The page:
Friday, September 06, 2019

The Secret of the Bones


Last evening, after shutting up the chicken coop for the night, I wandered over to my father's garden to check out the sunflowers I'd planted there. They finally are beginning to bloom. I pulled some weeds, read Dad's engraved stone, then started to looked up.
It's a poignant time around here because this is the time of year when the entire osprey family, parents and fledglings, leave the nest for good as they begin their migration south.
This is the time of normal leave-taking, as nature intended. This is the second year in a row we've been denied this ritual.

A little voice said to me, "Go walk in the field underneath the osprey nest."
I think I wanted to find a feather but instead I found an answer.

Only several steps in, a well-picked carcass lay abandoned in the grass. I believe it is what's left of the oldest, largest osprey baby, the one we last saw on July 29.



This discovery creates a slightly different narrative than the one we had in August.

I've assumed all three babies perished in the nest after, we believe, their father was killed by someone in the neighbourhood who has a trout pond. The mother -- perhaps injured in some way -- wasn't around much. This meant the three babies weren't getting enough food but it also meant they weren't being protected from the eagles.

I remember, on a few days after July 29, seeing the surviving osprey parent land on the edge of nest.  I can't recall if she had brought a fish with her. She seemed to be looking down in the nest, and at the time, this seemed both sad and gruesome -- she'd be gazing at the bodies of her three babies.
Now I wonder if she was looking for the offspring who'd been alive a few days earlier.

This carcass suggests that baby was picked off by the eagle. Unfortunately, as we learned in the summer of 2015, with an eagle nest right across the river (the result of 2014's Hurricane Arthur knocking down the longtime nest further upriver), our ospreys must be vigilant at keeping eagles away from their nest. One of the hallmarks of this new breeding pair was their attentiveness to the nest; there was always a parent in the nest. They were diligent about driving away the eagles when they flew nearby. But with one parent gone, our baby ospreys were alone for too long and the eagles took advantage.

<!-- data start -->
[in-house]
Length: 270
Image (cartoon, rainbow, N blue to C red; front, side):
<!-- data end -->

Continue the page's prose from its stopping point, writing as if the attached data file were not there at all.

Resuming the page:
It's one thing for ospreys to be deliberately and senselessly killed by humans, but another to be taken as part of the cycle of nature. As much as I don't want the osprey babies preyed on by the eagles, at least that makes sense. Nature is beautiful and brutal, and as much as it breaks my heart, at least it's based on primal survival instincts.

I collected everything I found in the area around the carcass and brought it all home (I'd hoped to find the skull but it's been taken away by the eagles or another animal). I wanted to photograph it and share this story. I wanted to show you the skin and claws still attached to one foot and leg. The one to the right I found in another spot.


This carcass has been out in the field underneath the osprey nest for over a month but I couldn't go over there until now. My grief and my anger made it impossible for me to even think of being near that space, let alone discover something like this. For weeks, I've been glancing at the nest -- involuntarily, I can't help myself, the habit it so ingrained -- and thinking of the bodies in there. Wondered if the "death nest" meant no other ospreys would ever want to take it over. And maybe that's better, if no one nests there again. If no one is tempted to fish trout of out the killer's pond.
Yet last night, that small voice told me to go into that space. I didn't find the assurance I need, but I did find a plausible answer to what happened.

What would not have happened if a human hadn't interfered with the normal cycle of nature.
Claws crossed, my friends, for a different outcome in the summer of 2020.



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